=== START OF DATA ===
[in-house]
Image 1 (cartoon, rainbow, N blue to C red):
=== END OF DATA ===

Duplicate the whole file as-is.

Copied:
[in-house]
Image 1 (cartoon, rainbow, N blue to C red):